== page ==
However, following Brexit, the Brussels I Regulation (recast) is no longer part of UK domestic law, so what happens now to the direct action of English injured parties for accidents occurring in an EU country that allow the exercise of direct action?

The importance on this question lies on the fact that the UK does not foresee the exercise of direct action, so English citizens may have to trust in other jurisdictions, where the direct action is foreseen, to claim directly against the tortfeasor’s insurer.

Well, before answering this question, we must bear in mind that, from the outset, following the UK’s exit from the EU, to serve the claim outside its jurisdiction on the tortfeasor’s liability insurer, authorisation from the English Court must be obtained. How? The English citizen must convince Tribunals that:

  • The claim meets one of the jurisdictional gateways in English procedural law that, essentially are a list of factors or circumstances which establish a connection between the dispute and England which make it potentially appropriate for the case to be heard by the English Courts.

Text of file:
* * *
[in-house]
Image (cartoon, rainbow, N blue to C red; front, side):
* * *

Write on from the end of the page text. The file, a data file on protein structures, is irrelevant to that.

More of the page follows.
• The claim has reasonable prospects of success.
  • England and Wales is the proper place to bring the claim (often referred to as the forum conveniens).

Once the question of service of the foreign claim has been overcome, it is necessary to analyse whether it is possible for the English injured party to bring a direct action against the responsible European insurer. And this depends, essentially, on the applicable law.

After Brexit, the acquis Communautaire disappeared from the law applicable in the UK. However, to avoid a conflict in the stability of the system of international legal cooperation in civil and commercial matters, the UK nationalised the Rome I (regulating contractual relations) and Rome II (regulating non-contractual relations) Regulations through the European Union Act and the EU Exit Regulations 2019 No. 834.